Dr Karen Seccombe, The clarity of light. Self-representation through art making: a personal response to the social justice work of WAI the Women's Art Initiative collective.
Supervisor Professor Bob Jahnke
One in three New Zealand women will experience violence. The social responses given can positively or negatively affect the capacity to recover from these experiences with dignity. Ms Seccombe undertook insider research within a closed art making community, WAI - the Women's Art Initiative collective, analysing the many positive, autonomous, and justice based ways that women can respond to their experiences of violence and abuse through an active engagement in art making.
This feminist, anti-oppressive, and response-based practice approach challenges commonly accepted deficit notions of the necessary therapeutic relationship between art and women who have experienced violence. Her research offered insight to a model of practice, a series of guidebooks, and a personal body of stained glass installation works, which acknowledge the often invisible resistance, strength, courage and mana of those whose voices are most marginalised within this discourse.
Dr Jessica Reedy, Women's Refuge Clients' Experiences of Social Responses to Domestic Violence Including Interventions Informed by Response-Based Practice School of Psychology
Supervisor: Dr Sarah Pain
Response-based practice provides an urgently needed framework for responding ethically to domestic violence. This research involved developing, delivering and evaluating a response-based group intervention at Women's Refuge. The project's design used action research principles and thematic analysis in one study to develop the intervention with refuge advocates.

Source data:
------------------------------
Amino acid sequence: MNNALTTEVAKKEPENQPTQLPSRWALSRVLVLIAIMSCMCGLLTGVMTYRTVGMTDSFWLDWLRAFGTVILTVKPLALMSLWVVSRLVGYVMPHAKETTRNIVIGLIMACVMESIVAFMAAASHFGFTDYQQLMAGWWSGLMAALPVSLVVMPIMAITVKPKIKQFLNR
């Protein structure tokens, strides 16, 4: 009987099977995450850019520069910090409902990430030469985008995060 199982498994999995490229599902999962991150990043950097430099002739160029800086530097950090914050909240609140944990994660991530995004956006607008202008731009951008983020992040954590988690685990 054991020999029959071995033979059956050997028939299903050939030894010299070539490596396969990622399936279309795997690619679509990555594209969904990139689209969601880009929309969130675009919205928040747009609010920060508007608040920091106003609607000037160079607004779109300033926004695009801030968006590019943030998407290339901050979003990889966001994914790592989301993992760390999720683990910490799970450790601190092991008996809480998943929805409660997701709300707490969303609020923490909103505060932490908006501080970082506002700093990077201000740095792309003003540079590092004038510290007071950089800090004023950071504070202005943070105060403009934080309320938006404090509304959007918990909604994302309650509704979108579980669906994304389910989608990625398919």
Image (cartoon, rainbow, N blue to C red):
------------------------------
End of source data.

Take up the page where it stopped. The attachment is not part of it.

A second study used discourse analysis to compare clients’ pre and post-intervention accounts of social responses to their victimisation. Languaging represented perpetrators' violence as accidental/uncontrollable and concealed victim resistance. Narratives engaged traditional gender discourses of coercive control and violence as normative. Following intervention, clients re-positioned themselves as competent women who were neither blameworthy, nor pathological. Intervention content and processes legitimated women's knowledge of how concealing violence, perpetrator responsibility and gendered social power relations diminish victims' safety. Thus, the intervention provided safe, dignifying social and physical spaces for clients.
Dr Amie Lennox Townsend, Human trafficking in Mindanao: personal narratives and local perspectives.
Supervisor: Dr Sita Venkateswar
Recent attention to the issue of human trafficking has meant that demands for immediate action have meant that counter-measures have often preceded research-based insights. In-depth local research is still an emerging area, and little work has been published on the Philippines specifically. In the province of Mindanao, known issues include various forms of labour trafficking, sex trafficking, underage soldiers, and trafficking of migrants. Ms Lennox Townsend spent five months conducting fieldwork in Mindanao.
As well as investigating the broader local social conditions, she spent time with people who had experienced various forms of human trafficking and exploitation. Her research presents an exploration and analysis of the social setting in Mindanao, based on first-person accounts, which are contextualised in the wider society. Findings suggest that human trafficking in Mindanao is an outcome and extension of local social conditions and everyday social processes.
Created: 15/05/2019 | Last updated: 17/05/2019